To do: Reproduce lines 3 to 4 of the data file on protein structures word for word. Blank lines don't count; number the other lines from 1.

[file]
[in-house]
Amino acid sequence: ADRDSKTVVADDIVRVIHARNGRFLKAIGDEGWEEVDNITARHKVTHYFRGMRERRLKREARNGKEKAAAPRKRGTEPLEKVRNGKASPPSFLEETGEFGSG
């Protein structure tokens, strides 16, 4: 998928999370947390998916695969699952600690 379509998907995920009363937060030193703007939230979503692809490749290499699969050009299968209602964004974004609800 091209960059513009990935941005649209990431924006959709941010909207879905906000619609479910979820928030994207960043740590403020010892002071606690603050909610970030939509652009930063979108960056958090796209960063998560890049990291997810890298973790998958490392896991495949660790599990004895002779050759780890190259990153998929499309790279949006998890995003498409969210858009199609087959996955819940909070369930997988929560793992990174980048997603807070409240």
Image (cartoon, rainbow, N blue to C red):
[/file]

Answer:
């Protein structure tokens, strides 16, 4: 998928999370947390998916695969699952600690 379509998907995920009363937060030193703007939230979503692809490749290499699969050009299968209602964004974004609800 091209960059513009990935941005649209990431924006959709941010909207879905906000619609479910979820928030994207960043740590403020010892002071606690603050909610970030939509652009930063979108960056958090796209960063998560890049990291997810890298973790998958490392896991495949660790599990004895002779050759780890190259990153998929499309790279949006998890995003498409969210858009199609087959996955819940909070369930997988929560793992990174980048997603807070409240």
Image (cartoon, rainbow, N blue to C red):